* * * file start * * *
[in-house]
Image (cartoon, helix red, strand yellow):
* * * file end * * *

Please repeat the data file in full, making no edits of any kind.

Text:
[in-house]
Image (cartoon, helix red, strand yellow):